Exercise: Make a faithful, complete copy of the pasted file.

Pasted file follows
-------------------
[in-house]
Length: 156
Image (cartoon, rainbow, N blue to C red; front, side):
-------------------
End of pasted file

[in-house]
Length: 156
Image (cartoon, rainbow, N blue to C red; front, side):